Top Islamist found guilty of Bangladesh war crimes

Top Islamist found guilty of Bangladesh war crimes

Top Islamist found guilty of Bangladesh war crimes

The former head of the Islamist Jamaat-e-Islami party, Ghulam Azam (C), is escorted by security personnel outside the court in this 2012 photo. AFP photo

A 91-year-old former chief of an Islamic party in Bangladesh was sentenced to 90 years in jail today for crimes against humanity during the country’s 1971 independence war, angering both supporters who said the trial was politically motivated and opponents who said he should be executed.

A special tribunal of three judges announced the decision against Ghulam Azam in a packed courtroom in Dhaka, the capital.

The panel said the former leader of the Jamaat-e-Islami party deserved capital punishment, but received a jail sentence instead because of his advanced age and poor health.

Azam was in the dock when the verdict was delivered while protesters outside rallied to demand his execution. Both the defense and the prosecution said they will appeal.

Azam led Jamaat-e-Islami in then-east Pakistan in 1971 when Bangladesh became independent through a bloody war.

He is among several Jamaat-e-Islami leaders convicted by a tribunal formed in 2010 by the government of Prime Minister Sheikh Hasina to try those accused of collaborating with the Pakistani army in the war.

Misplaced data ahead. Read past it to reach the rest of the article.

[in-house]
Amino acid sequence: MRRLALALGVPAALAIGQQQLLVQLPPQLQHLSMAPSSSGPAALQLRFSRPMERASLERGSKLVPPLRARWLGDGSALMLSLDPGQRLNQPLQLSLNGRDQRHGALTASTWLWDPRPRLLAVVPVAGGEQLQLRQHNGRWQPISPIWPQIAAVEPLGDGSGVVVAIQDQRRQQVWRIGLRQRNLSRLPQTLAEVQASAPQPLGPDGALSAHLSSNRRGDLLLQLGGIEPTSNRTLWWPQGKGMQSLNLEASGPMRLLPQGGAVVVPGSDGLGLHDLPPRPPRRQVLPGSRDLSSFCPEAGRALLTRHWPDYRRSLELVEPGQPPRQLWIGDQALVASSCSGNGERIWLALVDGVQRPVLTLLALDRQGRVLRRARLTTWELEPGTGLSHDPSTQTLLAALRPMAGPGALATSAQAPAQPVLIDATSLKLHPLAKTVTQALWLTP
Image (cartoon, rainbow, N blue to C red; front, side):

Previous verdicts by the tribunal have sparked widespread and deadly violence on the streets of a country that has a 90 percent Muslim population.

Gül sent letter last year

Bangladesh says the Pakistani army killed 3 million people and raped 200,000 women during the nine-month war, and some 10 million people took shelter across the border in India.

Turkish President Abdullah Gül had requested late last year clemency for Azam by sending a letter to Bangladesh President Zillur Rahman. Gül had requested the Islamic leader not to be executed for the sake of peace in the society. Azam led the party until 2000 and is still considered to be its spiritual leader. Jamaat-e-Islami claims his trial and others were politically motivated, which authorities deny.

Street violence erupted across Bangladesh ahead of the judgment. Supporters clashed with police, who fired rubber bullets at Jamaat activists armed with homemade bombs.

Jamaat called a nationwide strike to protest the verdict, saying the war crimes trials are aimed at eliminating its leaders.